Physical branch meetings are currently cancelled due to COVID-19. However there are virtual activities being run by some branches. Please contact your local branch for more information.
We hope you find the information on these pages helpful. Our team is working tirelessly to provide up to date advice in relation to the COVID-19/Coronavirus pandemic. Record numbers of people are now turning to NASS for support, and we hope to be here for everyone. Our helpline and advice service are only possible thanks to donations from people like you.
If you are able to make a donation to NASS today, we'd be so grateful.
Your support helps us provide specialist support, advice and the most up-to-date information to help empower everyone living with axial SpA (AS) to manage their condition, and has somewhere to turn for support when they need it most.
Together we can make sure that no-one has to face axial SpA (AS) alone.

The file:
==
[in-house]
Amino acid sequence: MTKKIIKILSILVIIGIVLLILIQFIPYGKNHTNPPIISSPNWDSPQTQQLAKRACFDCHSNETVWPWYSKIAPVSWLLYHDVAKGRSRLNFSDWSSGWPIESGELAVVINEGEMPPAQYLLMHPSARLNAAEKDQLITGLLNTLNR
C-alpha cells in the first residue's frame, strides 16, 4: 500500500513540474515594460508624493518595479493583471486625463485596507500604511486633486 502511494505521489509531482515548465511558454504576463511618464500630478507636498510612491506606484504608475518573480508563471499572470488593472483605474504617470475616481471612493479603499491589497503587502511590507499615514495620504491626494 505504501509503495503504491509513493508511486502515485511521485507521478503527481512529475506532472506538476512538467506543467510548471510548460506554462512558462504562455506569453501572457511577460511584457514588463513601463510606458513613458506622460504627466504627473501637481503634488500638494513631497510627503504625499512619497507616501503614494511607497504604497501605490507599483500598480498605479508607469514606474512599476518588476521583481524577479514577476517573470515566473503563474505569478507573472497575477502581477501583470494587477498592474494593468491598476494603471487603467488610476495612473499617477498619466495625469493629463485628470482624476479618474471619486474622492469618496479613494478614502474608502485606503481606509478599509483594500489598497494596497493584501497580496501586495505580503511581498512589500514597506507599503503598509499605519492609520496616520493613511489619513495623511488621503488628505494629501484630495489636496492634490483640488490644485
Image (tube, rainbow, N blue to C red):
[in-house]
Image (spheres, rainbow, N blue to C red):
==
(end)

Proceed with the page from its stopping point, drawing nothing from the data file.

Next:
£10 can enable our Helpline team to respond to a call or email and provide guidance and advice to anyone affected by axial SpA (AS). £25 could help provide a pack of NASS guidebooks for a local axial SpA clinic. £50 could help our team provide 1:1 welfare and benefits support for someone living with axial SpA (AS). £100 could help by contributing towards the cost of one of our weekly My AS My Life sessions to help people living with axial SpA (AS) manage their symptoms between hospital appointments. £250 could help us run an online session to help up to 20 people learn how to better manage difficult issues like pain, fatigue and sleep.
Adults in the UK
1 in 200 of the adult population in the UK have axial SpA (AS). That's twice as many as multiple sclerosis and Parkinson's disease.
Axial SpA (AS) is a condition that affects young people. Symptoms start late teens to early twenties, with the average age of onset being 24.
Years to diagnosis
The current average delay to diagnosis from when symptoms start is 8.5 years, by which irreversible damage to the spine may have occurred.
59% of people with axial SpA (AS) report experiencing mental health problems compared to 25% of those with musculoskeletal conditions overall.